Gill Tavner has rewritten all six of Jane Austen’s novels for children. In the Real Reads Mansfield Park, she did an excellent job of capturing the personalities, strengths, and weakness of the characters in a way that is accessible to young children. As she writes in the “For Further Information” section, “nothing can beat the original”,1 but she manages to keep the most important events and details. One omission, or change, that I didn’t like so much was the lack of Sir Thomas’s offer to release Maria from her engagement to Mr. Rushworth. Instead, he is portrayed as wanting her to marry “as soon as possible”.2
The opening, with its portrayal of Mrs. Norris shaping her nieces minds, followed by her injunction to young Fanny to be grateful was presented well. The Crawfords are portrayed as more overtly evil than they really were (I was reminded of their portrayal in the 2007 movie adaptation of ‘Mansfield Park’). Henry Crawford views Maria as a “particularly enjoyable challenge” because of her engagement, while Julia, he tells his sister, “will love me only too easily”.3 Jane Austen’s novel is much more subtle, but this would be difficult to get across in a children’s story. Fanny’s brother William is mentioned, though he does not visit her at Mansfield. The ball is portrayed as a farewell ball before Edmund leaves to be ordained. Fanny’s visit to Portsmouth was removed. Most of the changes and omissions are explained in a section in the back of the book called “Filling in the Spaces”.
As I said before, Gill Tavner does a good job of depicting the personalities of the various characters in the story. Mrs. Norris is just as spiteful as she is in Jane Austen’s novel, Edmund as kind, Sir Thomas as generous and dignified, though they are all simplified. Although the Crawfords are more blatantly unscrupulous, their actions do not go beyond what is presented in the novel. This story lacks Jane Austen’s complexity, of course, but does well for a children’s story.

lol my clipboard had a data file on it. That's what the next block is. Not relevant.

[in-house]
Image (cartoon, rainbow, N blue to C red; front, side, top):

In the back of the book are several interesting and informative sections. I’ve already mention the “Filling in the Spaces” section. Also included is some “Background Information” which tells that “Mansfield Park is a controversial novel. … Responses to Fanny Price herself differ …. She is considered by some readers to be Jane Austen’s least interesting heroine, by others the most complex of them all.”4 The practice of adoption at that time period is discussed, along with wealth, marriage, clergymen, and, inevitably, the slave trade. The activity of playacting is also mentioned, though I’m not sure I agree that “Jane Austen clearly disapproves of the pastime”.5 Some notes on Jane Austen’s style of writing are included in a “Food for Thought” section, along with some interesting “Critical thinking questions”. One complaint I have about the additional information in the back of the book is the mention of Patricia Rozema’s adaptation of ‘Mansfield Park’, which should never be recommended to children.
The illustrations by Ann Kronheimer are quite simple and pretty and suit the style of the story. I thought it odd that, although the text includes the story of Fanny’s cross and necklace (in part, at least), the illustration of her at the ball does not show her wearing it. There are a couple of cute illustrations of, not one, but two pugs (see pages 6 and 52).
For a book attempting to introduce young children to the story and complexities of Jane Austen’s novel, I think this does well.
1 Tavner, Gill, Mansfield Park (New York: Skyview Books, 2010), p. 55.
2 Ibid. p. 37.
3 Ibid. p. 16.
4 Ibid. p. 58.
5 Ibid. p. 60.